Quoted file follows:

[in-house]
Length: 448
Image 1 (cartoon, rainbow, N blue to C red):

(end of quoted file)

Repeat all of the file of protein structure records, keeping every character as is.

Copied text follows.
[in-house]
Length: 448
Image 1 (cartoon, rainbow, N blue to C red):